I don't mean to get stuck on Sarah Palin, honestly. She pops up on the media's radar, however, for a whole host of reasons:
* She gives meatier, off-the-cuff remarks than most anyone, including Joe Biden
* She is something other than a white guy in a stuffed suit
* She looks like she's gunning to run for President in 2012
* She has sex appeal
This last point isn't my own assessment—I'm just saying I think mainstream media thinks she has sex appeal. Either from what she radiates in the way of sinewy forearm muscles (see Wednesday's blog post), or because the media is premised at least a little bit on a sexist framework, when there are articles about Ms. Palin, there often is a focus on something other than her policy stances. So I wasn't exactly shocked to read this headline on Thursday morning—Sarah Palin (DD-Alaska)?—from the Boston Herald. [More]
This past week, sports-wise, we had a bit of a truth crisis.
We had Manny Ramirez's 50-game suspension for testing positive for a banned substance—about which he had previously lied. We had the release of a book on Alex Rodriguez—who also previously lied about his steroid use. The book was written by a woman who, while not a liar, plays dangerous games with what's true.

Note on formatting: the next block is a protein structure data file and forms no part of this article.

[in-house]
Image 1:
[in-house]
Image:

Coming onto the German hipster scene just one year ago, Missy Magazine looks at pop culture, fashion, art, sex, and music through a feminist lens. (Hmmm… sounds like a US-based feminist magazine I know. Imitation is the sincerest form of flattery.)
One of the great things about the intersection of new media and feminism is that we (consumers and creators of media) are able to learn more about the efforts to improve women's lives and have unprecedented accessibility AND ability to assist organizations in need. As the holiday season continues, let your spirit of giving continue to support initiatives like the New Orleans Women's Health Clinic.
The New York Times Book Review has never exactly embraced passionate advocacy—unless it was promoting Pynchon’s and DeLillo’s place in the postmodernist canon. Even worse, it has become the place where serious feminist books come to die— or more accurately, to be dismissed with the flick of a well-manicured postfeminist wrist.